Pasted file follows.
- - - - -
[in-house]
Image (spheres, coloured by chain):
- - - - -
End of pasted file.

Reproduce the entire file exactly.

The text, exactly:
[in-house]
Image (spheres, coloured by chain):